July 29, 1974, did not emerge from thin air. It was not, as has been portrayed by the opponents of the ordination of women, a rebellious, childish, selfish act, placing the unity of the church in peril.

Neither is the movement to ensure that all the baptized have access to all the sacraments in the church.

As we prepare for General Convention which meets in Anaheim, CA, July 5 - 18, we need to remember and learn from our history - and our herstory.

What we need most are strong allies to stand in solidarity with LGBT people, who will speak power to power about the powerful truth of the gospel that we are all called, in our baptized lives in Christ, to do the work of ministry - some to the ministry of the laity, some to the servant ministry of the diaconate, some to the sacramental ministry of priesthood and some to the ministry of the episcopacy.

We are all called, each in our own way, to be representatives of the Living Christ.

There are no barriers to the movement of the Holy Spirit who leads us to the truth of our lives - except the ones we impose on others.

I have often been asked why it is that some women and others who have known institutional oppression, once the are in positions of privilege and power, are sometimes the ones who do not stand in solidarity with those who stand outside the gate.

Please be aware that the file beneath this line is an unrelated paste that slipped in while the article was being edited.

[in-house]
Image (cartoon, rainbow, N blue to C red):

Is it to maintain the hierarchy of institutional power? Yes, sometimes.

Is it because we have forgotten the past? Yes, sometimes.

Is it because sometimes we do unto others even the painful things done unto us? Yes, sometimes.

I only know that I know what I believe those men who stood in solidarity with their sisters knew: My ordination will not be complete until everyone who is called to stand where I am privileged to stand is allowed to pursue their vocation - no matter their race, ethnicity, gender, age, socio-economic class or sexual orientation.

And, I know that those of you - LGBT and straight - who enjoy the sacramental grace of marriage will not know complete sacramental fullness until everyone who is called to stand where you are privileged to stand is allowed to pursue their vocation to marriage and family life.

What we need in Anaheim is a few good (straight) men . . . and women . . . who know the same.


it's margaret said...

Oh! What a vision. Thank you! (and with quiet resolves wonders what else might be done to embody the struggle)

Göran Koch-Swahne said...

Amen, dear Elizabeth!

Göran Koch-Swahne said...

Stunning picture.

Elaine C. said...

Two things:
1) Context -- on the issue of women's ordination, Women were first allowed voice, vote and seat at General Convention in 1970 -- so the numbers of women allowed in the realm of power was very, very small. This suggests that a majority of male delegates to convention were standing in solidarity with ordaining women.

2) On the formerly oppressed or oppressed standing with hegemonic oppressors -- for some it seems to be a way to feel they are claiming power. Minor comparisons, those who have been hazed may have hated it, but buy into the rationale that it is good for group solidarity -- or just want the opportunity to do to someone else what has been done to them.